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If you’ve ever lusted after a piece of gear that was out of your price range, you already know that guitars, amps, pedals, and other kinds of effect and accessories can cost quite a bit.
That might have made you wonder: Why are guitar pedals so expensive?
A lot of factors go into determining the price of guitar effects pedals, from marketing and brand concerns to the actual cost of materials and construction. One major contributor to the high price of guitar pedals is they’re often specialty items with low production numbers and can command a premium.
Let’s look into what price ranges are out there for guitar pedals, what goes into determining their price, and some ways you might be able to save a bit of cash when hunting for the perfect pedal.
Why Do People Use Guitar Pedals?
One thing to think about when considering the price of guitar pedals is what they’re used for. A rundown of all the kinds of effects pedals that are out there would take a very long time, but we can break them down into basic categories.
- Distortion: From pedals designed to mimic the smooth overdrive of vintage vacuum tubes to fuzz pedals to massive crunch, there are a tremendous number of options out there.
- Expression: This is a more limited area, but it has one iconic member: the Wah-Wah pedal. Another common expression pedal is a volume pedal, used to control how loud a signal gets.
- EQ: These change the frequency responses from the guitar, and includes graphic equalizer pedals and compressors. More esoteric options like octave pedals are also in this basic family.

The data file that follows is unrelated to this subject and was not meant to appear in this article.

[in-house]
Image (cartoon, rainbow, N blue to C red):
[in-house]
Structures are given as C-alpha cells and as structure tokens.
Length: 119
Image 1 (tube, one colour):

- Modulation: This includes effects like flangers and phasers, as well as more common types like reverb, vibrato, tremolo, and echo
- Multi-effects: Like the name implies, these combine multiple functions into one pedal. They can range from fairly basic combos of two analog pedals to digital pedals that can combine multiple layers of effects on top of each other.
If you want a sense of just how many guitar effects pedals there are to choose from, this video might help. It goes through the best selling pedals from music retailer Sweetwater and covers dozens over more than 90 minutes.
It’s hard to say how many players buy and use guitar pedals, and the number has likely changed a lot over the years. With today’s technology, guitar pedals can seem like something of a throwback.
After all, why would you lay out a pedalboard — not to mention lay out the money to fill one! — when a lot of those effects are available at little to no cost in a computer audio setup? And things like basic reverb and echo effects, as well as good EQ adjustability, are available on just about any phone or tablet.
So if you’re mostly playing for yourself or recording music, maybe pedals don’t make a lot of sense. But for musicians who play live, or who just appreciate the tactile feel of switches and dials, a pedal setup, even one with a single multi-effects pedal, is much more robust, reliable, and easier to set up and use than any kind of phone, tablet, or computer setup would be in the same situation.